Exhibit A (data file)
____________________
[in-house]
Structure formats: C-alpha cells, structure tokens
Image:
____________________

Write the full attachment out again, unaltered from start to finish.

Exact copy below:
[in-house]
Structure formats: C-alpha cells, structure tokens
Image: